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Take up the lesson, O my heart ;

Thou Lord of meekness, write it there, Thine own meek self to me impart,

Thy lofty hope, thy lowly prayer:

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If ever on the mount with Thee

I seem to soar in vision bright, With thoughts of coming agony

Stay Thou the too presumptuous flight: Gently along the vale of tears

Lead me from Tabor's sunbright steep, "; Let me not grudge a few short years

With Thee tow'rd Heaven to walk and weep:

Too happy, on my silent path,

If now and then allow'd, with Thee Watching some placid holy death,

Thy secret work of love to see ; But oh most happy, should thy call,

Thy welcome call, at last be given“ Come where thou long hast stor'd thy all,

“ Come see thy place prepar'd in Heaven.”

2 St. Matthew xvii. 12. “ Likewise shall also the Son of Man suffer of them.” This was just after the transfiguration.

ST. BARTHOLOMEW.

Jesus answered and said unto him, Because I said unto thee, 1 saw thee under the fig-tree, believest thou ? thou shalt see greater things than these. St. John i. 50.

HOLD up thy mirror to the sun,

And thou shalt need an eagle's gaze,
So perfectly the polish'd stone

Gives back the glory of his rays: :

Turn it, and it shall paint as true

The soft green of the vernal earth,
And each small flower of bashful hue,

That closest hides its lowly birth.

Our mirror is a blessed book,

Where out from each illumin'd page
We

e see one glorious Image look
All eyes to dazzle and engage,

The Son of God: and that indeed

We see Him, as He is, we know, Since in the same bright glass we read

The very life of things below.

Eye of God's word! where'er we turn

Ever upon us ! thy keen gaze Can all the depths of sin discern,

Unravel every bosom's maze:

Who that has felt thy glance of dread

Thrill through his heart's remotest cells, About his path, about his bed,

Can doubt what spirit in thee dwells ?

66 What word is this? Whence know'st thou me?'

All wondering cries the humbled heart,

b « The position before us is, that we ourselves, and such as we, are the very persons whom Scripture speaks of: and to whom, as men, in

every variety of persuasive form, it makes its condescending though celestial appeal. The point worthy of observation is, to note how a book of the description and the compass which we have rep ted Scripture to be, possesses this versatility of power; this eye, like that of a portrait, uniformly fixed upon us, turn where we will.Miller's Bampton Lectures,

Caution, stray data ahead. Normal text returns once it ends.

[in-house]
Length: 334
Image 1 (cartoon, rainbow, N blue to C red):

p. 128.

To hear thee that deep mystery;

The knowledge of itself, impart.

The veil is rais'd; who runs may read,

By its own light the truth is seen, And soon the Israelite indeed

Bows down t'adore the Nazarene.

So did Nathanael, guileless man,

At once, not shame-fac'd or afraid, Owning him God, who so could scan

His musings in the lonely shade ;

In his own pleasant fig-tree's shade,

Which by his household fountain grew, Where at noon-day his prayer he made,

To know God better than he knew.

Oh! happy hours of heav'n-ward thought !

How richly crown'd! how well improv'd ! In musing o'er the Law he taught,

In waiting for the Lord he lov’d.

We must not mar with earthly praise

What God's approving word hath seald ; Enough, if right our feeble lays

Take up the promise He reveald;

“ The child-like faith, that asks not sights

“ Waits not for wonder or for sign, “ Believes, because it loves, aright

“ Shall see things greater, things divine.

“ Heaven to that gaze shall open wide,

“ And brightest angels to and fro “ On messages of love shall glide

“ 'Twixt God above, and Christ below.”

So still the guileless man is blest,

To him all crooked paths are straight, Him on his

way

to endless rest
Fresh, ever-growing strengths await °.

God's witnesses, a glorious host,

Compass him daily like a cloud; Martyrs and seers, the sav'd and lost,

Mercies and judgments cry aloud.

c Psalm lxxxiv. 7. They shall go from strength to strength.

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